(1) an evidentiary record should be made in support of an attorney’s fee on behalf of a minor;

(2) an affidavit from the attorney seeking a fee, specifying the amount of time and type of work spent on the case, should be provided to the trial court;

The Attorney at Work site has a helpful post that reminds us of ten ways to avoid malpractice claims.

Here is an excerpt: 

4. Document, document, document. It’s not practical to document everything on every matter, but document as much as you can in some contemporaneous manner. Letters are fine, but emails, detailed time entries and marginal notes on documents can be equally effective. In particular, you want to record advice or instructions that involve significant issues or outcomes and major client instructions or decisions. Memorialized communications help confirm what was said or done for the client should you need to look back to explain why or what work was done, to justify an account, or to defend on a malpractice claim.

It comes of no surprise to lawyers that there are lots of lawyers looking for work.  Our office receives resumes from lawyers almost on a daily basis,  and many have impressive backgrounds.

This article from the June 29, 2011 New York Times describes the state of the employment market for new in the country.   The writer explains that in Tennessee it is estimated that there will be 389 jobs for lawyers each year from 2010 through 2015.  However, 735 people passed the Tennessee bar exam in 2009.  Thus, if the bar exam completion rate stays the same, Tennessee will have 346 more new lawyers than jobs in each of the coming years.

The Tennessee numbers are pretty close to the national average, which reveals that there will only be legal jobs for one-half of the lawyers passing the bar exam.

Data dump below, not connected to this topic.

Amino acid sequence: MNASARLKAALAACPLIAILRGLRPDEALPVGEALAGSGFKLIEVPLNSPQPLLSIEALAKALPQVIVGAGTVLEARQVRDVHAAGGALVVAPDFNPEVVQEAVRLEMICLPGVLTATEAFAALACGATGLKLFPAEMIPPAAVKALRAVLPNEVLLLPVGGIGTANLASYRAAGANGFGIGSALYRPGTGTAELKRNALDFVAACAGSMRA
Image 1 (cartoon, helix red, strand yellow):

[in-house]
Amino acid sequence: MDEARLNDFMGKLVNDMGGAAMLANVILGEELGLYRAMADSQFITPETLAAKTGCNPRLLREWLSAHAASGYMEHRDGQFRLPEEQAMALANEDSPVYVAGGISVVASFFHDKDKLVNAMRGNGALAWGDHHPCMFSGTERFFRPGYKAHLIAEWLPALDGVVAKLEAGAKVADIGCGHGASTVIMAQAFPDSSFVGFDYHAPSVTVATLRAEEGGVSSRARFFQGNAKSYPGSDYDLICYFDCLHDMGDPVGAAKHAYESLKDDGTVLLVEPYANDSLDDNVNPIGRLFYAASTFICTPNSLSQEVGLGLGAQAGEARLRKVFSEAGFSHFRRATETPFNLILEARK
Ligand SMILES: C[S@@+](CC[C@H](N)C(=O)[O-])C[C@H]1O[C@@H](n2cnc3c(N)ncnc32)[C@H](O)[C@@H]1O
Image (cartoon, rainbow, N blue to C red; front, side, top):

Some plaintiff’s lawyers are "givers" and others are "takers."   There are a fair number of givers, lawyers  who step up to the plate time and time again to help advance the cause of civil justice in this state and nation. Some give knowledge, some give time, some give money, and some give all of the above – and each of us is indebted to every single one of them.

On the other hand there are "takers."  These lawyers spend thousands of dollars every month advertising for clients but refuse to give money to support legislative efforts designed to support the rights of those clients. They are lawyers who make a good living representing plaintiffs but refuse to give time or money to support the state or national trial lawyers association. They are lawyers who constantly  talk about their big settlements and their big cases but somehow never have the ability to write a check to help the cause.  They are lawyers who ride around in $60,000 cars but refuse to give a political contribution to a pro-civil justice candidate. They are lawyers who seek the help of the association or its members when they are need, but turn away when asked to help. These men and women thrive off the efforts of others, giving nothing, taking whatever they can, and smiling all the way to the bank.

If you are a "giver," please keep giving. You already know that a rising tide lifts all boats and that our willingness to share advances the cause that we believe in with our heart and soul.   If you are fortunate enough to have earned a good income as a result of your hard work as a plaintiff’s lawyer, you should give serious consideration to support of AAJ through its Leaders Forum program.   Your money will be used to help inform the public about the critical role that trial attorneys play in holding wrongdoers accountable for their actions and thus assist in reframing the debate about the civil justice system.  The contribution is significant, a minimum of $1000 per month, but over 400 of the best lawyers and firms in the country  step up to the plate every month and give extraordinary support to AAJ.  You can sign up here.